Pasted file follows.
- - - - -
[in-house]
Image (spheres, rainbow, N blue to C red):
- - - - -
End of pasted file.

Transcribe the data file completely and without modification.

[in-house]
Image (spheres, rainbow, N blue to C red):